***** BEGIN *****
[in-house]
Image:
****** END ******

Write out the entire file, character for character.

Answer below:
[in-house]
Image: